Friday, March 23, 2007

Judaism and conformity

I had an argument with my parents the other night. They were giving me the guilt trip about certain aspects of my personality and dress that are different than your average yeshiva boy. One of the things they said is that people will judge me by those particular aspects, and it will affect me in the long run. My reply was that if they were the kind of people who judged someone by their outward appearance and would not spend the time to get to know someone and make a judgement based on the content of their character, then screw them, I don't give a fuck what they think.
Here is where the argument is mainly: my father believes that judaism is a conformist society/religion, and one must abide everything and do the "norm" just like everyone else to be considered a "good" jew. While I agree that there is a closely gaurded set of rules in regard to the way we conduct ourselves, from the most mundane to the most spiritual, and that we must be rigorous in our service, I still maintain that this does not mean we have to goosestep in every way. When it comes to matters of ritual, of course we have to follow our mesorah to the letter, but this doesn't mean we can't develop our own individuality within those parameters.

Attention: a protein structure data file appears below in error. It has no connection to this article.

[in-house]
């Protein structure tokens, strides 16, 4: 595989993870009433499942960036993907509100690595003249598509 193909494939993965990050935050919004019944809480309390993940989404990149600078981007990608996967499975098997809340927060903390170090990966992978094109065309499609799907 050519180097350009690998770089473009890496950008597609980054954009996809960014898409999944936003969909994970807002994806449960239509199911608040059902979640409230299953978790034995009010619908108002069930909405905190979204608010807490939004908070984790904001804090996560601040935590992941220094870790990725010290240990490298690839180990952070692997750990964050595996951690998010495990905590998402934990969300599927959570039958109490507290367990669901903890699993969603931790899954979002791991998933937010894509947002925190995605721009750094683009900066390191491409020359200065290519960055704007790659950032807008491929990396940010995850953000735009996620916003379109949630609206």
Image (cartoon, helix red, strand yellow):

What do you think?
Originally posted Monday, 18 April 2005

1 comment:

m00kie said...

i have a really really hard time with conformity too, but i do think that there is some truth to what your dad said.. i feel like there is an aspect of judaism that requires us to nullify what we consider to be our individuality. i feel that in general, what we consider our individuality is nothing more than external definitions we give ourselves. torah being about us working on our internals, through the externals, demands of us to get above the desires of our externals and be internally individualistic.
i have no idea how you do that or who is able to do that, but i do feel there is truth to it..